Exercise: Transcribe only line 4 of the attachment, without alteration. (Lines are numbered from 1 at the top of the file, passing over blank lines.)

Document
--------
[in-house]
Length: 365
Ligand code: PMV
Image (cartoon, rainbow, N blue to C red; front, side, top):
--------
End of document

Image (cartoon, rainbow, N blue to C red; front, side, top):